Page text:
Publication date: 26 August 2014

Ning Du, John E. McEnroe and Kevin Stevens

The purpose of this paper was to examine whether a less precise (or imprecise) estimate may increase investors’ confidence and improve investors’ perceptions of fair value…

2719

Abstract

Purpose

The purpose of this paper was to examine whether a less precise (or imprecise) estimate may increase investors’ confidence and improve investors’ perceptions of fair value reliability. The main criticism of fair value accounting has been its lack of reliability perceived by investors.

Design/methodology/approach

A 2 × 3 randomized experiment was used where management incentive and information precision are manipulated.

Findings

The results from this study indicate that perceived reliability is jointly affected by management’s incentives and information precision. Reliability rating is the highest for fair value stated as a point estimate with a specified confidence level attached to it. Further analysis indicates that higher perceived reliability is related to its representational faithfulness because participants perceive that a point estimate with a specified confidence level better matches uncertainty in measuring future cash flows.

Originality/value

This is the first study to examine whether a less precise (or imprecise) estimate may increase investors’ confidence and improve investors’ perceptions of fair value reliability. Because of the subjectivity and uncertainty in fair value estimates, less precise fair value estimates may not be viewed as less reliable. In fact, using a precise format to represent fair value estimates may not be appropriate (neither reliable nor credible), because a precise point estimate fails to capture its underlying uncertainty in future cash flows. A less precise format could represent a credible choice for fair value because it reflects uncertainty and subjectivity and effectively communicates management’s assessments of variability in future cash flows.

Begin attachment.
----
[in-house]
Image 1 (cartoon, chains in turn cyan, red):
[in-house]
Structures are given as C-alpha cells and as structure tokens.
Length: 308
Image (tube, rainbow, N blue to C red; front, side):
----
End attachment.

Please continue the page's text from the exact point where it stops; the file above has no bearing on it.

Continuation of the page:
Details

Accounting Research Journal, vol. 27 no. 2
Type: Research Article
ISSN: 1030-9616

Keywords

Book part
Publication date: 3 October 2007

John E. McEnroe

The integrity of audited financial statements has been widely criticized, especially over the last decade. Arthur Levitt, then chairman of the Securities Exchange…

Abstract

The integrity of audited financial statements has been widely criticized, especially over the last decade. Arthur Levitt, then chairman of the Securities Exchange Commission (SEC), brought widespread attention to the practice of earnings management in a speech he delivered in 1998 (Levitt, 1998). His successors in the SEC have also focused on the issue. The business media has also devoted much coverage to the topic and criticized the creative accounting practices of many well-known companies. These factors, in conjunction with the collapse of Enron and WorldCom, have probably engendered a loss of confidence in the credibility and transparency of audited financial statements. Two months after the Enron accounting irregularities became public, a Wall Street Journal article attributed a 250-point decline in the Dow Jones Industrial Average to concerns over widespread accounting misconduct (Browning & Weil, 2002). These same concerns were cited as a significant factor for the downward trends in the equity markets almost a year later (Browning & Dugan, 2002). The business media has offered numerous opinions such as these as to how investor confidence in audited financial statements has declined. However, a review of the literature found no corresponding empirical study conducted subsequent to the Enron and WorldCom revelations. Accordingly, this study examines the extent to which individual investors’ perceive that their attitudes involving the quality and usefulness of the information in audited financial statements have changed as a result of these events. The results indicate that investors perceive that a notable decrease of confidence in various dimensions of the quality and usefulness of this information has occurred. The findings indicate that accounting regulators and other parties should undertake actions to help restore investor confidence.

Details

Envisioning a New Accountability
Type: Book
ISBN: 978-0-7623-1462-1